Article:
This year, police were also enforcing an ordinance that prohibits cars from playing “unreasonably loud music.” Miami Beach Police Chief Dan Oates said in April that violators would be given one warning and then they would be arrested. As of Monday, 111 people had been arrested since Thursday evening on the Beach. One person was cited for loud noise.

A city spokesperson told New Times the noise ordinance was meant to cut down on spring break parties, not Memorial Day specifically. But because there's no metric for noise complaints, the NAACP warned in a letter last week that enforcement could result in police unfairly targeting black revelers.

Chelsea Flint, who 26 years old and black, drove down from West Palm Beach for the 11th-annual Memorial Weekend Comedy Festival. She said it felt like the police didn't understand that people who were paying for hotels had to navigate the area. "Why are you making me cross the street?" she said. "It makes me not want to come back because of the hassle.... I know I won't be back next year."

One woman, who said she didn't want to be identified because she didn't want her "name out there," said it feels like she’s in school and has to be on her best behavior.  “I’m black, so — I mean, look behind you,” she said, gesturing to a troop of five officers biking down the sidewalk at Lummus Park.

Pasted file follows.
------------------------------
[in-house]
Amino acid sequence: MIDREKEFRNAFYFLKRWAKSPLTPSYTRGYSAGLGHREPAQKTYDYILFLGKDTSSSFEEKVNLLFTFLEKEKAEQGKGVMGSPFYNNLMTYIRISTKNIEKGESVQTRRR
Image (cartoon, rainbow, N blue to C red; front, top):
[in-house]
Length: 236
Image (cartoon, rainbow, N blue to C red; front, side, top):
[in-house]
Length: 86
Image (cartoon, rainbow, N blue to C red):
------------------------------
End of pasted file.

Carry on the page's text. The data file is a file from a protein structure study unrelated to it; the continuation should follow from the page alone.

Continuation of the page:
About ten minutes later, that troop arrested a woman who was black for misdemeanor marijuana possession. Her boyfriend, Raoul Rodriguez, said it felt unfair because it seemed like police weren't stoping other folks who were smoking pot along the sidewalk. (Indeed, there was plenty of marijuana being smoked.) The cops threatened to arrest him too for raising his voice to speak to his girlfriend even though she was about 15 feet away.

In 2015, the city passed an ordinance that would give officers the option to issue a $100 citation instead of making an arrest for a misdemeanor amount of marijuana, about 20 grams or less. A month after the city passed that law, Oates said he would still instruct officers to arrest and criminally charge anyone openly smoking — the woman was rolling a blunt. This past weekend, 35 people were arrested for misdemeanor amounts of marijuana.
click to enlarge Police arrest a woman Sunday afternoon for possession of marijuana. - MOLLY MINTA
Police arrest a woman Sunday afternoon for possession of marijuana.
Molly Minta
Chicagoans Vernon Mems, 49, and Eranstine White, 48, were at the park when the arrest happened. Earlier in the day, while he and White sat under a $200 rental canopy, Mems, who is black, said he had been wondering why there were officers on every block. After learning it was Urban Beach Week, he realized it all made sense. “It makes us feel unwanted,” he said. “And we’re bringing the money!”

Even though he feels like it’s unfair, Mems said the police aren’t a deterrent. “We’re coming down here to enjoy ourselves, to relax,” he said. “Hopefully, we’ll have a better experience next time.”
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Molly Minta is an intern at the New Times.
Contact: Molly Minta